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  1. #1
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    Using & instead of just &

    On page 89 of "Database Driven Web Site" the author writes:

    This time, our link passes two variables: firstname and lastname. The variables are separated in the query string by an ampersand (&, which must be written as & in HTML). You can pass even more variables by separating each name=value pair from the next with an ampersand.

    It works without using & as well by just directly using ampersands. I just tried it. In fact, for years now in scripting I have always written the ampersands directly when defining a URL string with multiple URL parameters.

    Does anybody think there is anything really wrong with doing that?

    It seems cumbersome to use an HTML entity each time you need to write an ampersand if that isn't necessary.

    Thanks,

    doug

  2. #2
    From Italy with love silver trophybronze trophy
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    Using & works just fine, but your code won't pass validation.

  3. #3
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    Quote Originally Posted by guido2004 View Post
    Using & works just fine, but your code won't pass validation.
    Interesting. I hadn't thought of that. Which validation will it fail - any and all?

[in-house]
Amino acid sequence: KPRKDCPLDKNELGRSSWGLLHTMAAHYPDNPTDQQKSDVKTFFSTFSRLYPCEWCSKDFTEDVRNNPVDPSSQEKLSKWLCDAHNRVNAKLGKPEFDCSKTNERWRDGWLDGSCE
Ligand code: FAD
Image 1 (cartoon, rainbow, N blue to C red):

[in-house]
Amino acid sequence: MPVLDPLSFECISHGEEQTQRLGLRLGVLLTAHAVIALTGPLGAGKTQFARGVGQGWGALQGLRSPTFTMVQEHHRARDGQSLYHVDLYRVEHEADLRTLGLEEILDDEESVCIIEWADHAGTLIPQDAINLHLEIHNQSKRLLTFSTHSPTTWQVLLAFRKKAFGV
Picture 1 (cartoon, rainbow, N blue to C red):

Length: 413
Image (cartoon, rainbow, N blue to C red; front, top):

doug

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    From Italy with love silver trophybronze trophy
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    Don't know
    Maybe someone else?

  5. #5
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    Quote Originally Posted by guido2004 View Post
    Don't know
    Maybe someone else?
    Sure enough you're right! I just tried it with the w3.org validator and got this error message:

    Entity references start with an ampersand (&) and end with a semicolon. If you want to use a literal ampersand in your document you must encode it as "&" (even inside URLs!).

    I can see why that is reasonable - because the & marks the beginning of an HTML entity. So it is more consistent (even though more cumbersome) to encode the & marks in URLs that way.

    doug@learning something new every day

  6. #6
    Programming Since 1978 silver trophybronze trophy felgall's Avatar
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    If the value following an & evaluates as an entity code then it will get converted into the code and you will not have your apersand there any more. So it isn't just that it fails validation, it may also end up converting to something completely different than you wanted to have there. For example if the next field is called "copy" and you place &copy in your URL then you end up with a copyright symbol in place of the text that you wanted.
    Stephen J Chapman

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    HTML Help, CSS Help, JavaScript Help, PHP/mySQL Help, blog
    <input name="html5" type="text" required pattern="^$">

  7. #7
    SitePoint Wizard cranial-bore's Avatar
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    Just because you've gotten away with it, doesn't mean it's right. As mentioned use &amp; in the source


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